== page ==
Your mother always told you to stand up straight. She was right! Having poor posture throws your spine out of alignment and increases stress on muscles and joints. It may also decrease your range-of-motion and flexibility and may throw off your balance. Having poor posture may inhibit your ability to do things for yourself. It also increases the risk of falls. The basics of good posture are simple. Stand up tall with your shoulders back and your head held high. Tighten your abdominal muscles and keep your core strong. If you work at a desk, make sure you have a good ergonomic set up (for example, an adjustable chair) that promotes good posture.

Poor posture may trigger joint pain symptoms.

Sitting Too Long at the Computer

Sitting for too long while working on the computer may lead to pain in your neck, wrists, elbows, shoulders, and back. Bad posture is one culprit that can produce pain. Working too long while sitting in one position is another problem. Muscles become overworked and sitting for long periods of time also increases stress on discs in your back. Use supportive measures to take the strain off your body. Invest in an ergonomic desk chair. Use cushioned gel pads under your forearms and wrists when you type, write, or use a mouse. Set an alarm and get up and move around for at least a few minutes every hour. Sitting too long is not just bad for your joints, it is a risk factor for increased mortality.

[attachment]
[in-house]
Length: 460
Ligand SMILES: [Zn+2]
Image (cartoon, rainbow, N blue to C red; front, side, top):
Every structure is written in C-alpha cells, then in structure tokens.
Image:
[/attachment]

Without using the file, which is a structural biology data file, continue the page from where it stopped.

Ease arthritis pain by taking precautions while on the computer.

Being a Stomach Sleeper

You may snore less when you sleep on your stomach instead of on your back, but the rest of your body may suffer. People who sleep on their stomachs have to twist their heads and necks to the side. This, in turn, places stress on nerves. It also compresses your spine, leading to awkward spinal alignment. You want to sleep in a neutral position so that your head and neck are in a straight line with your spine to reduce the risk of strain on your back, neck, and muscles. Avoid sleeping on your stomach. Switch to sleeping on your side or back. Look for special pillows for side sleepers and back sleepers that promote healthy spin  alignment.

Stomach sleeping may lead to symptoms of back pain and neck pain.

source: WebMD does not provide medical advice, diagnosis or treatment.